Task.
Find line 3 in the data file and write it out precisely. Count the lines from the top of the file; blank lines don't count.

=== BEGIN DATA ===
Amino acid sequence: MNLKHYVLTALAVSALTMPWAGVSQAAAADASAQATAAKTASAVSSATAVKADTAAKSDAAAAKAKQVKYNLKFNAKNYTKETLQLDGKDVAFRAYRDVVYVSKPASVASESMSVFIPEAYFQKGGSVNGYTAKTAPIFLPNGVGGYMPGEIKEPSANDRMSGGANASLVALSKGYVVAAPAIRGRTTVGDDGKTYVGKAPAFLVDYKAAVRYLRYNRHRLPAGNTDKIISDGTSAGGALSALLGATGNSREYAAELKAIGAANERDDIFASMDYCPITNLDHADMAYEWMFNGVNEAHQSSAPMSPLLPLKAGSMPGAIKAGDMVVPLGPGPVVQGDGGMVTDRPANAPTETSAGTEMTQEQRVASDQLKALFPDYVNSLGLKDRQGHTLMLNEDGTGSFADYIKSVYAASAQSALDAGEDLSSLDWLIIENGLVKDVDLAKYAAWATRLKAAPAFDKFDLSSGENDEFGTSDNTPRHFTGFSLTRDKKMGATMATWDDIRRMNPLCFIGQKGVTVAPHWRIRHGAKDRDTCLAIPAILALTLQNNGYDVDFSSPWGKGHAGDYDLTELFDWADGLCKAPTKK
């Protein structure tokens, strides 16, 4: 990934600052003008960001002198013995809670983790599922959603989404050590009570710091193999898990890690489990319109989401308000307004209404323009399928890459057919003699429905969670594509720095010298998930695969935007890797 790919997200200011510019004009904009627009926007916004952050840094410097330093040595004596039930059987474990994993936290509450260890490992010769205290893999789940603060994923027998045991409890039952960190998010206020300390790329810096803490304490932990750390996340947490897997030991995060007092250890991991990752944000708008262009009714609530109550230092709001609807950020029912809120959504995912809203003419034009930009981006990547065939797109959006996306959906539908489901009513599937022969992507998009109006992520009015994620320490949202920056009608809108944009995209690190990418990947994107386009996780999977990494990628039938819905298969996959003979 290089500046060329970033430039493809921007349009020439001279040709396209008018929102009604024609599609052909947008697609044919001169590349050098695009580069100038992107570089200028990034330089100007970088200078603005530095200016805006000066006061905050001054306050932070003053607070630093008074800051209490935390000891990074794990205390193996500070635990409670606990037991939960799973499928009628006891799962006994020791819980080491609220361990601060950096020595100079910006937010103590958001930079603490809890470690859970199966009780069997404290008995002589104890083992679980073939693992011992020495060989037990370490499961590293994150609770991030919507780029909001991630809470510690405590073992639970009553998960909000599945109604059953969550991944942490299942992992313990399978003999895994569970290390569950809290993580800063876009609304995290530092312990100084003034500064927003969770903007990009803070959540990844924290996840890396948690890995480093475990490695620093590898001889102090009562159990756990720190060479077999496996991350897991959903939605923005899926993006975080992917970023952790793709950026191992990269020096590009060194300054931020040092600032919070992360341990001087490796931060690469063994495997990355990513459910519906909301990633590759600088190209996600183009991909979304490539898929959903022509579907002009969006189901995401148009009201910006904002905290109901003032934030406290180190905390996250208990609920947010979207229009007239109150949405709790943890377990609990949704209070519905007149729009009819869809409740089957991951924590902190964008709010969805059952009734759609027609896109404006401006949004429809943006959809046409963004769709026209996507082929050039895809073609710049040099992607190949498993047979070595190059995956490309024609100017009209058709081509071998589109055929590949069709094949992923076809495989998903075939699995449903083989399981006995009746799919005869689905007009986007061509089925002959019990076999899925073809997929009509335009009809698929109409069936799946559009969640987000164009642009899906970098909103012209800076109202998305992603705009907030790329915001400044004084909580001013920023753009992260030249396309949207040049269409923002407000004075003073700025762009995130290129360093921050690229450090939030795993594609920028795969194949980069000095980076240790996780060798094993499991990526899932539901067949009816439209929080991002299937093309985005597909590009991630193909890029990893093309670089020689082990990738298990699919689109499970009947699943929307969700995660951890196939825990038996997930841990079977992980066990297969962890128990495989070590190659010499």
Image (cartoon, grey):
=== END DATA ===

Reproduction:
Image (cartoon, grey):